First, we would like to thank the author of a recent Letter to the Editor( Reference Rogers 1 ) for his positive overall comments on our study( Reference Littlecott, Moore and Moore 2 , Reference Littlecott, Moore and Moore 3 ) and for acknowledging that the findings are written with great care. While the letter moves beyond our paper to critique the wider literature surrounding the relationship between breakfast and health outcomes, such as obesity, we respond here only to those issues raised in relation to our paper. The letter rightly highlights that association does not equal causality. In our communications with the media, we consciously resisted the use of overly strong causal language for this reason. It will never be possible to randomly assign children to eat or not eat breakfast, and track their outcomes for 12–18 months in order to firmly attribute causality to breakfast itself. In the absence of such evidence, the longitudinal observational design of our study serves as the most robust form of evidence available. Of course, there remains a possibility that unmeasured confounders, such as family functioning, and clustering with other behaviours may contribute to the observed associations. Issues such as these have been debated at length with regard to breast-feeding, which continues to be strongly recommended by the public health community as providing the healthiest start in life; a paper published in 2014 in Social Science & Medicine ( Reference Colen and Ramey 4 ), for example, showed that where comparisons are made between siblings who are or are not breast-fed, estimates of effects of breast-feeding on young people’s well-being were substantially reduced.
The author suggests that ‘consumption of breakfast at home is a marker for the quality of a child’s home environment and parenting … Indeed, consumption of breakfast may be a particularly good marker in this respect, better for example than free-school-meal (FSM) entitlement … as it may reflect well at an individual level the motivation and capacity of caregivers to provide a nurturing environment for their children’( Reference Rogers 1 ). This alternative set of hypotheses is essentially premised on an assumption that a child’s consumption of breakfast is explained by ‘good parenting’. However while on the face of it, it seems plausible that parenting might contribute to this association, is the hypothesis that this fully explains the observed associations grounded in evidence?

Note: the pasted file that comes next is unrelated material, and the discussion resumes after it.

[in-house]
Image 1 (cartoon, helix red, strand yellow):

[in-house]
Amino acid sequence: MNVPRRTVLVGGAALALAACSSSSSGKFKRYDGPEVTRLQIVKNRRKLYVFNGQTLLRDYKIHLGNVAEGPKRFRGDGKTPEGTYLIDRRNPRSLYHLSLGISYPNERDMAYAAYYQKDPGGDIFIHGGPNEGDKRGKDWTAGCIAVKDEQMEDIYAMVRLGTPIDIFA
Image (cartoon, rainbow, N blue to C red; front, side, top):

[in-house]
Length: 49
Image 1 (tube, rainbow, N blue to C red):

Within the letter, the above argument is advanced without any reference to the scientific literature. We would argue that the underlying assumption that breakfast consumption is largely determined by the extent to which parents provide a nurturing home environment does not resonate all that well with the evidence. An extant literature on child feeding practice suggests that with the best will in the world, many practices commonly adopted by well-intentioned parents to encourage children to eat well, such as pressuring and restricting, are ineffective or counterproductive( Reference Moore, Tapper and Murphy 5 ). Our earlier analyses from this same study( Reference Moore, Tapper and Murphy 6 , Reference Warren, Parry and Lynch 7 ) suggest that young people’s own attitudes shape their food choices and that, even at this young age (i.e. 9–11 years), they exercise and value more agency over food choices than is often assumed. Breakfast skipping increases rapidly throughout childhood, such that some estimates indicate, for example, that almost two in five girls do not eat breakfast( Reference Sandercock, Voss and Dye 8 ). It seems unlikely that this can be fully explained by failures to provide a nurturing home environment. A recent paper in this journal, for example, showed that among a sample of adolescents in Denmark, low family functioning was strongly correlated with breakfast skipping( Reference Pedersen, Holstein and Damsgaard 9 ). However, the vast majority of young people within that survey reported good family relationships, and hence the largest absolute number of breakfast skippers came from homes with high levels of family functioning. While parenting is important( Reference Brug 10 , Reference Natale, Messiah and Asfour 11 ), it is one of many socio-ecological influences on how young people eat. We would welcome further research to attempt to replicate our findings, while including measures of family functioning, in order to quantify the extent to which the observed associations are, or are not, attenuated by these variables. But we would caution against advancing alternative explanations as more likely without grounding these in evidence.